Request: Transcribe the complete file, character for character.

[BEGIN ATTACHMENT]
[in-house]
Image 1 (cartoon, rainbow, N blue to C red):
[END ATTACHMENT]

[in-house]
Image 1 (cartoon, rainbow, N blue to C red):